Resolution Statement – 18595-17 Stand Against Racism & Inequality v Bristol Post
Summary of complaint
1. Stand Against Racism & Inequality, on behalf of Kamaran Ahmad Ali and family, complained to the Independent Press Standards Organisation that Bristol Post breached Clause 2 (Privacy) and Clause 4 (Intrusion into grief or shock) of the Editors’ Code of Practice in an article headlined “Murder trial set after man had his penis cut off”, published on 8 September 2017.
2. The article was a report of the pre-trial proceedings of an individual, charged with the murder of a member of Mr Ali’s family. The article included details of the deceased’s injuries, and claimed that these details had been heard during the court proceedings.
3. The complainant said that these details had not been mentioned in court. It said that the family had not been aware of these details prior to the publication of the article, and that the inclusion had intruded into the family’s private life, and into their grief. The complainant expressed particular concern that publication had not been handled sensitively and noted the distress that the publication of the article had caused the family.
4. The newspaper did not accept that there had been a breach of the Code. It said that the details had been referred to at a Magistrate’s court hearing, and that this information was given to it by a reliable contact at the court. The newspaper said that it had a right and duty to report on these details, as they were heard in open court and because it concerned matters of public interest.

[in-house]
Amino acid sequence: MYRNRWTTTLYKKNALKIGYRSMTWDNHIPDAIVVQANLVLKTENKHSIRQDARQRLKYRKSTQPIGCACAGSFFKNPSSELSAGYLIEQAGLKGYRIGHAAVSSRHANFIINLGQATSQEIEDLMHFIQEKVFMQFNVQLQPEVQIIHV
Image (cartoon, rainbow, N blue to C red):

Relevant Code Provisions
5. Clause 2 (Privacy)
i) Everyone is entitled to respect for his or her private and family life, home, health and correspondence, including digital communications.
ii) Editors will be expected to justify intrusions into any individual's private life without consent. Account will be taken of the complainant's own public disclosures of information.
iii) It is unacceptable to photograph individuals, without their consent, in public or private places where there is a reasonable expectation of privacy.
Clause 4 (Intrusion into grief or shock)
In cases involving personal grief or shock, enquiries and approaches must be made with sympathy and discretion and publication handled sensitively. These provisions should not restrict the right to report legal proceedings.
6. The complaint was not resolved through direct correspondence between the parties. IPSO therefore began an investigation into the matter.
7. During the investigative process, the newspaper offered to write a private letter of apology to the family.
8. The complainant said that this would resolve the matter to the satisfaction of Mr Ali and his family.
9. As the complaint was successfully mediated, the Complaints Committee did not make a determination as to whether there had been any breach of the Code.
Date complaint received: 21/09/2017
Date complaint concluded by IPSO: 07/12/2017